If you were trying to score 100% on your typical high school or college exam, you’d need to do two things: 1) answer all of the questions, and 2) answer all of those questions correctly. The logic of that is not lost on most people. Unfortunately, many people preparing to take the LSAT walk into that test with similar logic, often to disastrous results.
Let’s be clear about something: the LSAT is not your run-of-the-mill school test. It relies on a whole host of different paradigms by which the game needs to be played. Chief among those paradigms is how one goes about achieving the score one wants. And if we apply the logic of doing well on school tests to the LSAT, we’ll be doing ourselves and our score a disservice.
Often, the key to doing better on the LSAT does not mean doing more questions. It means doing fewer. One thing should be clarified here before we move on: what we talk about when we talk about “doing questions” (yes, that’s a Raymond Carver allusion) is time invested on questions. It does not speak to entering an answer for every question (which you should ALWAYS do). Often, spending more time on fewer questions results in a higher total number of raw score points, which means a higher scaled score.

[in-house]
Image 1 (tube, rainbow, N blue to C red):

Let’s take a look at a couple hypothetical test-takers, and talk about why we might observe what we do.